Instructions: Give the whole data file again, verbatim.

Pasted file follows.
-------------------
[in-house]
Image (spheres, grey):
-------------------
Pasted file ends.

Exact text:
[in-house]
Image (spheres, grey):